Chloe and I were recently in a Wal-mart shopping. In the household cleaning section, one doesn’t expect to run into a child. Among the 4 or 5 other shoppers and carts stood a 5 or 6-year-old little girl. I don’t know how she ditched mom, but she was obviously unsupervised. She was about 20 feet away when she first caught sight of us and slowly made her way down the isle towards us. Inwardly I cringed… for I didn’t really feel like asking her not to pet Chloe. Instead she got close enough and looked at Chloe’s vest (although I’m not sure she could even read), and then at the side of my head where my cochlear implant and BLING sparkle for all the world to see!
She smiled at me and said, “This is a WORKING DOG”.
I replied (with some surprise), “You are EXACTLY right! Chloe is a working dog”.
Unsure of what communication might follow that exchange, she smiled impishly up at me… reached over with her index finger an POKED me while exclaiming, “TAG! You’re IT”. With a squeal she was gone and around the corner with pony-tails flying behind her.
Service Dogs and Play
Chloe’s tail started wagging and she looked up at me with an expectant, “Yeah! Let’s go!”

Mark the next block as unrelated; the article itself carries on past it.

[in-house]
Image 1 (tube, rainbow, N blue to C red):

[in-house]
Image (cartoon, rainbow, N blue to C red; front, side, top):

I just grinned at her and caught sight of a lady about 3 yards from us just grinning from ear-to-ear, having seen the whole thing. I smiled back, calmly walked by her and just as I was passing her – reached out and poked her while saying, “Now YOU’RE it…” She burst out laughing and we went on our way.
I am asked occasionally if Chloe is ever allowed to play. Most recently this came up at a DEMO we did for the Department of Disabilities for the state of Maryland. I think people love the idea of working dogs, but often wonder if the dog is ever allowed to be “just a dog”. We always assure people that our dogs have plenty of opportunities to rest, play, and just be a dog. They are frequently rewarded throughout the day with treats, praise, and physical touch. Walmart is not the BEST place to induce Chloe to play, so I opted out of the game of “tag”… but I can assure you that Chloe is allowed to play with our family dog, and with family members very often.
All Work and No Play
Just like people, dogs need down time. Especially working dogs IMHO. But we could learn a few things from our furry partners. Chloe often naps when waiting in line at a busy cash register, or if we are traveling by Metro, airplane, or even the family car. She knows when to rest and get some shut eye. She also knows when to play and enjoy a major tail-wagging romp! I try to remember to take “5” and rest when I can. I try to get 8 solid hours of sleep each night because I actually hear better, and walk more steady if I make sure a good night’s rest is priority.
Perhaps we should all play tag from time to time. Hey! It is good exercise, and I’ve not met anyone yet who didn’t smile after being tagged!
© 2011 Personal Hearing Loss Journal